President Obama's newest effort to address climate change mainly calls for plotting strategies, but that didn't stop Republicans from attacking it as an escalation of regulatory actions aimed at bypassing Congress.
"The president continues to go around Congress because he knows the American people don't support his climate-change policies that threaten economic growth and jobs," Sen. John Barrasso, R-Wyo., told National Journal Daily on Monday. "This new executive order will fulfill the president's extreme goal of ingraining climate change into the mission of every federal agency. By putting this in place, it's clear that this administration wants every decision to be done through the lens of climate change."
The chairman of the House Energy and Commerce Energy and Power Subcommittee, Rep. Ed Whitfield, R-Ky., similarly derided the administration for failing to engage members of Congress in implementing the president's second-term climate-change agenda.
"Not surprisingly, the Obama administration continues to be less than transparent on its government-wide actions on climate change," Whitfield said. "This is another example of the pattern of conduct by the Obama administration where — when they do not get their own way — they simply choose to bypass Congress and the democratic process through their ongoing use of executive orders."
The GOP furor was over an order issued by Obama late last week setting up a Task Force on Climate Preparedness and Resilience managed by 24 state, local, and tribal leaders. The group will recommend improvements in federal disaster-relief programs and ways to increase resilience in the face of extreme weather events.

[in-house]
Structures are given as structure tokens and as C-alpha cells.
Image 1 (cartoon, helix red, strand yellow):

Eight governors were appointed, including Martin O'Malley of Maryland and Jerry Brown of California, and all but one — the Republican governor of Guam, Eddie Calvo — are Democrats.
According to White House spokesman Bobby Whithorne, the task force was assembled from nominations made by the National Governors Association and other organizations as well as self-nominations from interested parties.
Most of the local officials on the task force are also Democrats, including Mayor Ralph Becker of Salt Lake City and Los Angeles Mayor Eric Garcetti.
Naturally, Democrats on Capitol Hill were delighted by Obama's announcement.
"With the Republican-controlled Congress refusing to enact any type of legislation, comprehensive or otherwise, that would address the serious impacts of climate change, I applaud President Obama for showing leadership on this critical issue," Rep. Bobby Rush, D-Ill., said in a statement released by the Bicameral Task Force on Climate Change.
Rep. Peter DeFazio, D-Ore., a member of the Safe Climate Caucus in the House, similarly defended the executive order. "I am pleased the Obama administration is taking steps to help better prepare communities to withstand the impact of climate changes," DeFazio said. "There can be little doubt that our climate is changing and warming, leading to more frequent and severe storms, droughts, wildfires, and other weather-related disasters."
CORRECTION: A previous version of this story incorrectly stated that the interagency Council on Climate Preparedness and Resilience was managed by a 24-member task force made up of state, local, and tribal leaders. The order sets up both an interagency Council on Climate Preparedness and Resilience chaired by the White House and a State, Local, and Tribal Leaders Task Force on Climate Preparedness and Resilience.
This article is from the archive of our partner National Journal.
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